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Low-cost image distribution method draws attention at infoRAD exhibition


Low-cost image distribution method draws attention at infoRAD exhibitionApproach reduces need for high-end workstations, network bandwidthRegular attendees at the infoRAD exhibit at the Radiological Society of North America meeting have

Low-cost image distribution method draws attention at infoRAD exhibition

Approach reduces need for high-end workstations, network bandwidth

Regular attendees at the infoRAD exhibit at the Radiological Society of North America meeting have long enjoyed the look into the future of radiology that its exhibits and poster sessions provide. That futuristic view was evident at the 1998 exhibit, despite an odd global village theme imposed by RSNA conference organizers.

One project in particular was the talk of infoRAD, as well as the RSNA's regular exhibit floor. A University of Pittsburgh team has developed dynamic transfer syntax (DTS), a new protocol for low-cost enterprise-wide image distribution. The technique may obviate the need for expensive high-bandwidth networks and high-powered workstations, researchers say.

The UPMC team, headed up by Dr. Paul Chang, received a summa cum laude award for DTS, a technology development effort that began during planning for a large-scale PACS network. At the time, UPMC officials realized that its $25 million PACS budget would not be sufficient to meet the image-viewing requirements of its referring physicians. Those physicians, particularly medical subspecialists and surgeons, wanted the same exam fidelity and manipulation options available to radiologists.

To learn more about this problem, Chang, director of radiology informatics, and his PACS team further researched the needs of the referring physicians. They determined that in roughly 60% of cases, a timely radiology report alone met their colleagues' needs. In 80% of the cases, the report with a subsampled image (as typically distributed by a Web server) would be adequate. But in 20% of the cases, clinicians wanted to be able to review patient exams with the same resolution and display capability as radiologists. This need was especially acute in cases where positive findings were reported. Furthermore, they wanted immediate access to any and all archived exams for that patient. Without these abilities, the referring physicians wanted film.

To solve these problems without deploying massive quantities of data over huge network pipelines to $100,000 workstations, Chang and his colleagues developed DTS, a wavelet-based flexible representational data scheme. With DTS, image data are sent to the requesting workstation in a manner that fits the requirements of the user as well as the resources of the network and viewing workstation. Wavelet schemes allow additional image detail to be delivered when needed by the user.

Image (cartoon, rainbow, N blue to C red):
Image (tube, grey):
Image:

When an image request is made, DTS determines how many images and at what resolution to transmit after assessing the resources available at the workstation. When a user logs on and opens an exam for review, DTS evaluates what type of workstation is being used for delivery of information, as well as the number and resolution of monitors.

For example, a clinical review workstation, consisting of an average PC and a 1K monitor, might initially receive a limited number of exams in a large exam set, subsampled at 1K resolution. Higher resolution is then delivered as a user magnifies or zooms in on an image, or when the user moves on to display the remainder of the images in the exam. This real-time image delivery enables the use of less powerful networks, such as Ethernet, and allows all display workstations to have the same features and functionality as an expensive diagnostic workstation, according to the researchers.

With DTS, images do not require extensive autorouting, and can be accessed in less than two seconds, Chang said. In addition to lower bandwidth network requirements, the number of expensive, dedicated PACS workstations can be curtailed. This considerably lowers the cost of implementing enterprise-wide PACS, he said.

DTS is being commercialized through Stentor, a San Francisco startup supported by venture capital and an equity stake from the University of Pittsburgh. Headed by former Imation Cemax-Icon vice president of sales and marketing Oran Muduroglu, Stentor hopes to license the technology to PACS and HIS vendors, as well as any other healthcare image information systems. Other image-oriented industries outside of healthcare will also be targeted.

Other key executives at Stentor include chief technical officer John Huffman, former medical marketing manager for Silicon Graphics and co-founder of wavelet compression firm Aware. Chang, though not a Stentor employee, serves as the company's executive clinical advisor.

Stentor hopes to bring DTS to market in the third quarter of 1999, Muduroglu said. Actual commercial applications through OEMs could be shown as soon as the 1999 RSNA meeting, with product delivery in 2000, he said. The company is in discussions with five OEMs about incorporating DTS into their product lines, he said.

In other notable infoRAD exhibits, representatives from Northwestern University Medical Center in Chicago presented a customized software program that enables a medical center to determine the bandwidth, architecture, and design requirements for a PACS network. The U.S. Army and Air Force also discussed developments in their goal to create a virtual radiology environment (PNN 6/98).

--by Cynthia E. Keen

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